Kevin Bryan music review - 3rd April 2012

Music reviewer Kevin Bryan gives Chad his take on what albums are well worth a listen.

Todd Rundgren, A Cappella/Nearly Human/2nd Wind (Edsel EDSD 2109)

Edsel’s new 2 CD set brings together the three albums that this musical chameleon recorded for Warner Brothers between 1985 and 1991,including the charmingly gimmicky ‘A Cappella’ which, as the title implies, features a multi-tracked Rundgren accompanied only by the sound of his own electronically manipulated voice and handclaps. The finished product wasn’t a great commercial success but it remains one of Todd’s most attractive offerings, boasting tuneful gems such as ‘Something To Fall Back On,’ ‘Pretending To Care’ and ‘Honest Work’ amongst its diverse array of delights. The equally excellent ‘Nearly Human’ and ‘2nd Wind’ were both recorded live in the studio with little or no overdubbing and represented Rundgren’s final recordings for a major label, as this eccentric character’s subsequent musical output has all been self-released.

Arrival, The Complete Collection (RPM Retro D 904)

This new RPM CD marks the first ever re-issue of the complete Decca and CBS recordings by short-lived Liverpudlian outfit Arrival. This soulful harmony group enjoyed a brief glimpse of the limelight during the early seventies via hits such as ‘Friends’ and ‘I Will Survive,’ and these memorable ditties are the pick of a melodic anthology which also features Arrival’s hitherto unreleased covers of Melanie’s ‘Lay Down’ and Leonard Cohen’s ‘Hey,That’s No Way To Say Goodbye.’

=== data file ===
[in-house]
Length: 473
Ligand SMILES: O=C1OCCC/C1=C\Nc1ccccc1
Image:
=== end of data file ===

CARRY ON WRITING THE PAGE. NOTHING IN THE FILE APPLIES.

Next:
Jo Jo Gunne, ‘Jo Jo Gunne/Bite Down Hard/Jumpin’ The Gun/So...Where’s The Show’ (Edsel EDSD2114)

This Californian rock band were formed by bassist Mark Andes and keyboard ace Jay Ferguson after they left the legendary Spirit in 1971, and the future seemed rosy for Jo Jo Gunne when one of the tracks from their debut set, ‘Run Run Run,’ soared into the higher reaches of the charts on both sides of the Atlantic a year or so later. They singularly failed to capitalise on this slice of good fortune however, although the quartet did record four fine albums for David Geffen’s Asylum label before they gave up the ghost in 1975. Their entire recorded output has now been shoehorned into this punchy 2CD package, giving a new generation of listeners an opportunity to enjoy the band’s refreshingly direct and uncomplicated sound.

The Avison Ensemble, ‘Vivaldi: Il Cimento dell’armonia e dell’inventione Opus 8’ (Linn CKD 365)

The Avison Ensemble add their name to the ever growing list of classical performers who’ve recorded Vivaldi’s “Four Seasons” over the years as they unveil this thoughtfully crafted collection. The British period instrumentation specialists also tackle a further eight of the prolific Venetian’s violin concertos as they breathe new life into the splendours of the Italian Baroque with all their familiar insight and attention to detail.

Harry Chapin, ‘Dance Band on the Titanic/Living Room Suite’ (Edsel EDSD 2108)

Harry Chapin’s unashamedly middlebrow musings on the human condition never really struck a responsive chord with British audiences, although the New York born singer-songwriter did enjoy a brief glimpse of chart success on this side of the Atlantic in 1974 with the plaintively memorable ‘W.O.L.D.’ This inexpensive re-issue couples two of the later albums that Harry recorded for Elektra before his untimely death in a car accident in 1981, capturing the essence of the well intentioned balladeer’s grandiose approach to music-making via unwieldy epics such as ‘There Only Was One Choice’ and ‘Dance Band on The Titanic’ itself.